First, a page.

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P&G outlines its profit plan: stick to personal care, health products


NEW YORK Last week during an analyst presentation, Procter & Gamble outlined its strategies to maintain a 3 percent growth rate going forward—pull away from businesses like pharmaceuticals that represent declining margin opportunities and re-double efforts in continuing growth across margin-friendly businesses like personal healthcare.

“The fear of recession in the U.S. has turned into acknowledgment that we’re actually in a recession,” A.G. Lafley, chairman and chief executive officer of P&G, told analysts attending the conference. “Unemployment is rising while investments and retirement accounts continue to decline. Food costs are rising around the world, especially in the developing world and real wages are dropping. Home sales and home prices are down. Auto sales are down. Retail sales are down,” he said. “But the picture isn’t nearly as bleak in fast-moving consumer goods. … In our categories, market growth rates are slowing but still growing in the absolute on both a unit and a value basis.”

P&G announced it has frozen any research and development across its pharmaceutical market, and will even entertain divesting those products in the coming year.

“We will now focus R&D and our licensing and acquisition resources on building consumer healthcare businesses, oral care and feminine care and, of course, personal healthcare,” Lafley said. “Our objective going forward is to maximize the value of our four key pharma brands—Actonel, Asacol, Enablex and Intrinsa. We intend to manage them throughout each brand’s natural life cycle. However, we will also consider the divestiture of some or all of these brands.”

In today’s environment, pharmaceutical businesses deliver lower returns for shareholders than they did when P&G invested heavily in this sector earlier in the decade, Lafley noted. “The regulatory environment is much more difficult with far greater time and costs required to develop new drugs. Asset lives are shorter as regulators grant an increasing number of generic approvals prior to patent expirations and there is significant downward pricing pressure in the pharmaceuticals market.”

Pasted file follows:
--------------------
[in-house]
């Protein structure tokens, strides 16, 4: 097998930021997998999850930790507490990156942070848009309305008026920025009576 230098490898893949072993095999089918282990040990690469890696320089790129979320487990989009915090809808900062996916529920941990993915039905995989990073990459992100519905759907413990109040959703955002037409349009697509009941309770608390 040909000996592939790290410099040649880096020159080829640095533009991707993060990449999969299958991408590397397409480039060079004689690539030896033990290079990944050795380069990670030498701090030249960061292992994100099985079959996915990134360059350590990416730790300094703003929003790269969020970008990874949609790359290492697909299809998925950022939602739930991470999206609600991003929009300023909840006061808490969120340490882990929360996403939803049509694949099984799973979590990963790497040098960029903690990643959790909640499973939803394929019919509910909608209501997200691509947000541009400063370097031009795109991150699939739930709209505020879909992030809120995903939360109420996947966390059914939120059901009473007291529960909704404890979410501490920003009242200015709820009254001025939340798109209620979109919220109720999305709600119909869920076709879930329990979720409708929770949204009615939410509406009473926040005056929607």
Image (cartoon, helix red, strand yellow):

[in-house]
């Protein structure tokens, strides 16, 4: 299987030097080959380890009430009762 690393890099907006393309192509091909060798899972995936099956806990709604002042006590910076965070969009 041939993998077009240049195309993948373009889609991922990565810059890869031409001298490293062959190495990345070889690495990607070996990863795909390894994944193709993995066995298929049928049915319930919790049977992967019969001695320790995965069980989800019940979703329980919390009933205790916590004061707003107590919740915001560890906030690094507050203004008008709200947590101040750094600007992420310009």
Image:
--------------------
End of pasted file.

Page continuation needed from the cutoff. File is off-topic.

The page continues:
In the late 1990s, pharmaceuticals traded at multiples at least 10 points higher as compared to consumer products. Today, those same companies trade in multiples at or below consumer products. “This has led to our decision to de-emphasize pharma and increase our focus on consumer healthcare, a business driven by strong brands where trends are driving growth opportunities in P&G’s core capabilities give us important competitive advantage.”

And the company plans to invest heavily across its healthcare brands—both in traditional advertising and trial-driving programs. “In tight economic times, many companies pull back on advertising as a cost cutting measure,” Lafley said. “This creates an opportunity for us to buy more media at a lower cost and to increase our brands' share of voice relative to competitors.”

Health and well-being represents approximately a $19 billion slice of the pie for P&G—which translates to about 23 percent of P&G sales and 24 percent of net earnings. Divided across two businesses—healthcare on one end and snacks and pet care on the other—health and well being is home to 11 of P&G’s 43 largest brands, including six brands with over a $1 billion in annual sales. “Our top 11 brands account for 85 percent of health and well being sales, and over 90 percent of the profits,” noted Rob Steele, P&G vice chairman of global health and well-being.

In personal healthcare, sales have grown at a strong compound average rate of about 20 percent per year over the last five years, Steele reported. This growth has been driven by four factors—a renewed global focus on growing the Vicks franchise; an increased presence in digestive health with the launch of Prilosec OTC and continued steady performance of the Pepto-Bismol and Metamucil brands; strong growth in the newly repositioned and strengthened PUR Water business; and P&G’s entry into home health diagnostics with our Swiss Precision Diagnostics joint venture.

“We really like consumer healthcare because it is a big market with over $240 billion in global retail sales,” Steele said. “It is growing fast at a 5 percent to 6 percent annual rate. It is financially attractive with very healthy margins. And it’s a very fragmented market. For perspective, the global leader in this space, J&J, has less than a 10 percent share. P&G is actually the number two player with a 5 percent share.”

P&G is currently in the process of introducing a line of probiotics that expands P&G’s presence in digestive health, Steele noted. “Align is a product that builds and maintains a person’s natural defense against digestive issues such as occasional irregularity. Align is a great complement to the Prilosec OTC, Pepto-Bismol and Metamucil digestive health brands.”

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